FedEx Cup PlayoffsAugust 8, 2019

There's a subtle reason players say this year's Northern Trust has a different feel than in the past

Bryson DeChambeau
Kevin C. Cox

JERSEY CITY, N.J. — Though spectators had to miss the first few hours of play at the Northern Trust on Thursday morning (officials kept the gates closed until 10 a.m. to finish cleaning up damage from a storm that hit the course the previous night), the golfers in the field at Liberty National understood they needed to be ready right from the start of the opening round.

The first tournament of the FedEx Cup Playoffs has always been important to set the tone for the final act of the PGA Tour season. Yet given various changes made to the 2019 Playoffs, this iteration of the Northern Trust came pre-baked with a bit more drama.

Specifically, decreasing the number of events from four to three, and adding the stroke-based format adjustment to the Tour Championship in Atlanta, means the stakes at the Northern Trust and next week’s BMW Championship in Chicago have increased in the minds of many players.

“You play the whole year to get into the FedEx Cup Playoffs. It’s a different format this year, so it puts more emphasis on the Northern Trust and over in Chicago at the BMW,” said Kevin Kisner, who finished the opening round with a seven-under-par 64. “We're all striving to play well in these first two and set ourselves up for a big Atlanta.”

Points for finishes in the first two playoff event are worth four times that of a regular-season tournament, with the winner earning 2,000 points for a victory. Considering that Brooks Koepka came into the Northern Trust at the top of the FedEx Cup standings with 2,887 points, players have the ability to move up (or down) the list quickly.

That movement becomes critical come the final event of the playoffs, the Tour Championship in Atlanta in two weeks. As has been the case previously, only the top 30 players advance to East Lake. But this year when they get there, players atop the points list will be given the advantage of starting the tournament a certain number of strokes under par (No. 1 will be 10 under, No. 2, eight under, No. 3, seven under, all the way through the 30th player starting at even par).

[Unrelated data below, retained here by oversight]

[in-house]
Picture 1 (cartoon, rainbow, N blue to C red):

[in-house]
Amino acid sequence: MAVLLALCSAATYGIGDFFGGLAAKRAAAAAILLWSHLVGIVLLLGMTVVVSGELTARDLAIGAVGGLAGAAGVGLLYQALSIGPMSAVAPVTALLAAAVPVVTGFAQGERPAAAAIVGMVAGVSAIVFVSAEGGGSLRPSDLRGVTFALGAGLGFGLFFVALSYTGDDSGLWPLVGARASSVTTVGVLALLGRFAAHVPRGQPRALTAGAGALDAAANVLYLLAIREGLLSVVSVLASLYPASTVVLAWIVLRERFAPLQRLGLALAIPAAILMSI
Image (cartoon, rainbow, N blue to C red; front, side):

The incentive to play well in the first two events to improve your starting position in Atlanta is high.

“Most of the time you needed to be at least in the top 10 [of the points standings] if you wanted to win [the FedEx Cup], where now, even the 30th spot has a chance to win,” Dustin Johnson said after shooting a 63 on Thursday. “I think it’s cool. I think it makes for an exciting week, and as long as you make it to the Tour Championship, you’ve got a shot.”

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“With the new system this year, it’s definitely going to be a test to see what happens,” said Bryson DeChambeau, defending champion at the Northern Trust, “because you can literally be leading and go out on the first hole and double it or triple it, and you’re right back in the ballgame pretty easily. It’s a little different. It’s a little weird, and we’ll see how it plays out.”

Despite—or perhaps because of—the added pressure from having one less event to earn points in, the first day at Liberty National was marked by some stellar play. That included a 62 by Day 1 leader Troy Merritt, who comfortably earned his spot in the Northern Trust field at No. 72 on the FedEx Cup points list, but he needs to play well this week to ensure being inside the top 70 after the event and moving on to compete at the BMW.

“I joked with my caddie, 'We need to shoot six under or 10 under and haven’t shot 10 under in a while,' ” Merritt said. “First time I shot nine under. … A couple pars, but we’re not disappointed with 62.”

The changes have only buoyed the hopes of the Northern Trust participants looking to end the season atop the leader board.

“You have a chance. That’s the big part,” Johnson said. “There’s always a chance.”